Mar 17

Drysdale, Argentina


Courtesy of Dodger Thoughts commenter WBB
WBB photographed this “on a recent drive from Olavarría (Buenos Aires province) to Santiago de Chile. The town of Drysdale is midway between the Buenos Aires towns of Carlos Tejedor and General Villegas (birthplace of Manuel Puig, author of “Kiss of the Spider Woman”), on Ruta 226.”



View Larger Map

Mar 10

Nomar Garicaparra – Mr. +1 – retires


Jeff Gross/Getty Images
Nomar Garciaparra follows through in the 10th inning, Sept. 18, 2006.

Nomar Garciaparra, whose place in Dodger lore was cemented with his game-winning home run in the 4+1 game, announced his retirement today. He is moving on to work for ESPN as a “Baseball Tonight” and game analyst.

Diamondbacks at Dodgers, 12:05 p.m.
Today’s Lineup
Rafael Furcal, SS
Blake DeWitt, 2B
Andre Ethier, RF
Matt Kemp, CF
Brian Giles, DH
Reed Johnson, LF
Doug Mientkiewicz, 1B
Nick Green, 3B
A.J. Ellis, C
(Vicente Padilla, P)

Continuing the theme of the day, Garciaparra had nine walkoff hits in his career and five in his three Dodger seasons — four of them in 2006. Garciaparra had another game-winning home run six days after the 4+1 game.

Rob Neyer of ESPN.com is among those with more on Garciaparra.

* * *

  • Memories of Willie Davis have dotted the Internet. Here are a selected few, provided by Tony Jackson of ESPNLosAngeles.com, Phil Gurnee of True Blue L.A., Buster Olney of ESPN.com, Neil Paine of Stat of the Day and Bruce Jenkins of the San Francisco Chronicle.  Also, Steve Dilbeck of Dodgers Blog interviewed former Dodger owner Peter O’Malley about Davis. In addition, here’s a link to one of my favorite pieces, the 2007 SI.com column I wrote about Vin Scully in which Davis’ 31-game hitting streak played a prominent role.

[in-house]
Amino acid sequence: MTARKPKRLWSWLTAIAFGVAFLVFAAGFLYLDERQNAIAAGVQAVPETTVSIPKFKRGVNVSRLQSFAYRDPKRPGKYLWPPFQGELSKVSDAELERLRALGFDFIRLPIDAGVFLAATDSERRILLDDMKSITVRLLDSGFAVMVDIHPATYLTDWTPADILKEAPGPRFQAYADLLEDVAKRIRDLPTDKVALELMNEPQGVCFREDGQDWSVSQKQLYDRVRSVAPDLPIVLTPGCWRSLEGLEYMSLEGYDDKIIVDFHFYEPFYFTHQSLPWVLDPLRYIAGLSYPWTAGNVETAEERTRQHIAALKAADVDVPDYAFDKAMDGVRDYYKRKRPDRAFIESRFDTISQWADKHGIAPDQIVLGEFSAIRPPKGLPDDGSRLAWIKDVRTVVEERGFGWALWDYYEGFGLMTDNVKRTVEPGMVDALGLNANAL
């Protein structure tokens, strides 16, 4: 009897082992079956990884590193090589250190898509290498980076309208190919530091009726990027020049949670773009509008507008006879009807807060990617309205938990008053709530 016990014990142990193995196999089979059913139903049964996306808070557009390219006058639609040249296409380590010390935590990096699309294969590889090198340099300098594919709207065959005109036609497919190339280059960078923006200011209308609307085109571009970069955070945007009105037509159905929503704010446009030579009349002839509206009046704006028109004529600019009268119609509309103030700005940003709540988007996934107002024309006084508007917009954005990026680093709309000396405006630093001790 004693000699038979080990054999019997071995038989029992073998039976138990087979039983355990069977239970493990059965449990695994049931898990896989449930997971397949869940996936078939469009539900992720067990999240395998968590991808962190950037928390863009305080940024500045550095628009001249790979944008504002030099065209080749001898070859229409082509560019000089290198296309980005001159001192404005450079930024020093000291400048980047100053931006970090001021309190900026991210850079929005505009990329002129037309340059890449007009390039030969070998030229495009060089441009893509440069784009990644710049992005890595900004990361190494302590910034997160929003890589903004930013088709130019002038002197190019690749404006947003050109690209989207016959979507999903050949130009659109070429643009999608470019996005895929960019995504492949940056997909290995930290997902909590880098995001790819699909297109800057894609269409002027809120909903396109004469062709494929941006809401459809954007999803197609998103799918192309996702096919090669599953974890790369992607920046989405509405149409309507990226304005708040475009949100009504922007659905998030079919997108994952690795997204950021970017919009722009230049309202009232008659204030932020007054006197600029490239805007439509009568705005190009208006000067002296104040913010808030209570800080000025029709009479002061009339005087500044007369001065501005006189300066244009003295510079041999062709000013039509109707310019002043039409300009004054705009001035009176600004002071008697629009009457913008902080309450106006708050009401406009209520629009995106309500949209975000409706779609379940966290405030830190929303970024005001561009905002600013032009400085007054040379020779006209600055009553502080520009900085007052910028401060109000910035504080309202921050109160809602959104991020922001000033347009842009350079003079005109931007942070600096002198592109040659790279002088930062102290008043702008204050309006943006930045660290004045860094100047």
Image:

• The Dodgers’ Taiwan sojourn left behind very few infielders in Arizona, Eric Stephen of True Blue L.A. notes.
  • Ivan DeJesus, Jr. is the subject of the latest prospect profile at Memories of Kevin Malone.
  • Vin Scully Is My Homeboy documents his trip to Camelback Ranch. Love the picture with George Foster.
  • Forty years ago today, Ross Newhan of the Times celebrated the potential of the Dodgers’ young infield of “Billy Buckner, 20, Bill Grabarkewitz, 24, Bobby Valentine, 21 and Bill Russell, 21.” (via the Daily Mirror)
  • Don Mattingly had this to say to reporters about his Dodger future:
    “Everything will come off of what Joe does. I talked to the Dodgers after my first interview with Cleveland. They expressed that they wanted me to be a part of their future. Yes, the word ‘manager’ was brought up.”I like it here. I like California. Nothing definitive was said or done. … I’m not worried about money or things like that right now. I’m worried about our ballclub and soaking up as much as I can. I know where I want to go, but I have to keep my priorities straight.”
Mar 01

Must-own reading material

Here on this first day of March, I thought I might try to bulk up your reading lists.

First, if you haven’t already, please consider purchasing 100 Things Dodgers Fans Should Know and Do Before they Die. Other than missing Orlando Hudson’s cycle, Russell Martin’s stumbles and the latest drama surrounding Manny Ramirez and Frank and Jamie McCourt, everything’s still very much up to date and worth your reading. At a cost of barely $10 online, I really think it qualifies as a bargain.

Second, here’s a reminder to get the 2010 Maple Street Press Dodgers Annual. The first reader reviews have started to come in, and the reaction is as good as I expected, considering the first-rate content the writers and statisticians provided. (Here’s a link to some PDF excerpts.) You simply won’t find a better yearbook about the Dodgers anywhere.